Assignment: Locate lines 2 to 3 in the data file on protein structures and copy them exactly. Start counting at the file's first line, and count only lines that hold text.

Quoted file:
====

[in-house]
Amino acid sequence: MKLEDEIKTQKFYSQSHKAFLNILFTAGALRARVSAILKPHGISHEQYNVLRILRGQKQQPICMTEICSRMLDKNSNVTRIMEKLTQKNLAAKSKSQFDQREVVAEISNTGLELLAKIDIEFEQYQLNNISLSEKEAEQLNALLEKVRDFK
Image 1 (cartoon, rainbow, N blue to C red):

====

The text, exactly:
Amino acid sequence: MKLEDEIKTQKFYSQSHKAFLNILFTAGALRARVSAILKPHGISHEQYNVLRILRGQKQQPICMTEICSRMLDKNSNVTRIMEKLTQKNLAAKSKSQFDQREVVAEISNTGLELLAKIDIEFEQYQLNNISLSEKEAEQLNALLEKVRDFK
Image 1 (cartoon, rainbow, N blue to C red):